The paradox of privilege

When the concept of remote work first made its way into the workplace, there was much debate on how the pay structure should be designed; should it be lower than those expected to turn up to the office given they do not need to spend on travel or should it be higher because of lower organizational infrastructure demands? The pendulum rested on paying them exactly the same as we would anyone coming into an office. Remote workers would have access to a similar benefit structure and pay range as regular employees. This system ran peacefully for years as those working from home came into the system knowing what they were getting into. 

Come March 2020, suddenly everyone who could work from home had to work from home irrespective of choice. Organizations shuttled resources to the extent possible to enable this transition. And then the demands started flowing in. Employees now wanted their work place to fund their home office setup. The demands ranged from requests for IT equipment, desks, and chairs to internet and electricity. Some employees even expected work to ship them stationary that they could have otherwise picked up from the reprography station. All-hand meetings always had at least one employee stand up and question if the saving in company operating costs such as electricity, internet will be repurposed into their salary. 

During this period, different organizations provided different accommodations based on their cash flow, yet the demands never ceased. Every employee was suddenly comparing their organization to the one that offered better WFH accommodation without pausing to consider the factors influencing these decisions. My own emotions ranged from being incredulous to amusement to acceptance. Sure, I would love to have work set up my entire office for me and pay all my utility bills, but I also understand when organizations don’t. As we enter 2021 and contemplate what our long-term strategy looks like, it is probably a good time to summarize how salaries, reputation and privilege works. 

How salaries work 

Pay ranges are determined basis the organization’s compensation philosophy, market positioning, job type and job level. These are reviewed annually unless there’s a sudden shift in market forces. Individual pay is usually independent from an organization’s utility bills or operating costs. Hence, when electricity, internet and other expenses increase, it is not taken out from an employee’s salary. Similarly, any real or perceived saving on these do not automatically find their way into a bonus payment. 

How reputation works 

Organizations recognize that crisis is an opportunity in disguise; how they manage employee expectations at critical junctions will determine future employee perception, productivity and employee sentiment. It for these reasons that organizations go above and beyond obligations to provide what is possible given other constraints. These additional perks can range from IT equipment, furniture to stipends to help cover additional costs. These gestures go a long way in impacting long term reputation in the market. However, organizations also recognize the concept of marginal utility. If they provided free food in the office, parcelling food to employee homes will only make an incremental dent in long-term reputation.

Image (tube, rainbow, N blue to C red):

How privilege works 

The biggest irony though is how privilege works. There comes a time when every employee will come to see a benefit as a right vs privilege and demand more. Over the last many months, I have only seen demands grow. Employees across industries are all comparing their organization to the one that gave more. First it was keeping their job safe, then IT equipment followed by furniture requests. Soon after followed demands to reimburse electricity, heating and the internet. These expanded to cover stationary, being allowed to work from anywhere in the world to ultimately demanding a share in operational cost saving. The paradox of privilege is not lost on me. No matter how much you give, people will always demand more and the more you give, the less satisfied they become. 

However, the piece that stays with me is the difference is expectations with those hired remotely vs those who had to move to remote work due to the lack of choice. Ultimately, ‘choice’ is determining employee behaviour to a large extent, and tweaking this factor can help manage expectations in 2021. 

The more I think about it, the more I realize that 2020 will continue to teach me many more lessons I had not previously considered. 

This post was first published here.

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